Today, we are delighted to feature a new pattern and an interview by Lori Versaci of VersaciKnits. Lori’s style is classic with a modern twist; she designs the kind of sweaters that will be in one’s wardrobe rotation for years to come.
This pattern is called lite and is made out of Meadow in Larkspur. She uses an overall waffle stitch for texture and visual interest. The open stitch and yarn combination makes for a plush fabric with a very lovely drape, while the boxy shape and positive ease make this a very flattering fit!
We were excited to see this sweater in person at TNNA this past June. It really is a beautiful sweater!
We wanted to get to know Lori and her process a little better. Here she is to tell us in her own words what her influences are and where she gets her inspiration:
Kelbourne Woolens: What helped you transition
from being a knitter to a designer?
The short answer is Knitty.com. Since so many newer designers first published
in Knitty, it felt like a welcoming, non-threatening place to start. So after 2
years of teaching myself about construction,
knitting techniques, pattern grading, yarn properties, etc., I finally felt
confident enough to submit what I considered to be my two best designs to
Knitty. The rest is history.
back, I entered the hand-knit design world knowing so little, but I am very
grateful to Knitty, Amy Singer and her team. Knitty is a wonderful resource for
a new designer, offering a framework for getting started: sizing guidelines, a
plethora of technique and design articles, and the support of wonderful tech editors
and yarn manufacturers. I really have no idea how I would have entered the
industry without them.
then there is RAVELRY!!! But that really kicked in once I started publishing in
You’ve used Meadow and also Savannah for two of your designs. What attracts you
to the Fibre Company yarns?
attracts me to the Fibre Company yarns is the unusual combination of natural
fibers (which gives the yarns so much texture and makes for a joyfully tactile
knitting experience) and the fantastically rich color (which gives the yarn so
much visual depth). These are not your every-day merino hand-dyes, and, for me,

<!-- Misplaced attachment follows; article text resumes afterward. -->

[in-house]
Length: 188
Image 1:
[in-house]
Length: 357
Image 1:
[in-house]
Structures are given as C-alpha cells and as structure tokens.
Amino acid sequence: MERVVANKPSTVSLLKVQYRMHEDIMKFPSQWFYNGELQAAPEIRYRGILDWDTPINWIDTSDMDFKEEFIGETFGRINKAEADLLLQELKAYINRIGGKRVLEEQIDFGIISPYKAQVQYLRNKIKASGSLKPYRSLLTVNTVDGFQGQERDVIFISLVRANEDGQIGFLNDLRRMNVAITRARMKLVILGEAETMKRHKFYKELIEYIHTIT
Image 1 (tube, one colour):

that presents a wonderful design challenge: How do you design a garment with a
clean, modern, wearable aesthetic that also shows off what, at first glance,
seems like a somewhat rough, rustic yarn?
Your designs are all about classic shapes and styling. What are your influences
inspiration for any one sweater might come from virtually anywhere, but my
sense of style I attribute to my mother, Nancy: mother, gallery curator, modern
art collector, painter and gardener.
was always fashion conscious and, while my classmates shopped at the stores in
town or in nearby Providence, RI, we went to Boston every fall to buy our
school clothes: Bonwit Teller, Filene’s, Saks Fifth Avenue, and Paraphernalia
(for all of our Mod needs)… And this was back in the 70’s when only major
department stores carried designer clothes. My sister and I wore Pucci
underwear (one never knows when one might be in a traffic accident), Marimekko
dresses, Lily Pulitzer bathing suits and patent leather over-the-knee boots! To
this day, I snatch the Fashions of the Times section out of the Sunday paper as
soon as it arrives!
What design or designing milestone are you most proud of?
fall one of my other favorite yarn manufacturers, Shibui, asked me to design their
Winter 2013/14 collection. The collection is called FORM and will be introduced
to the public the first week of September.
My proudest moment was at The National Needlearts Association meeting in
June, when the company raised a full wall – eight feet by eight feet – that
consisted of beautiful photographs of the designs. I was totally blown away. I
couldn’t believe that I had actually designed those six garments!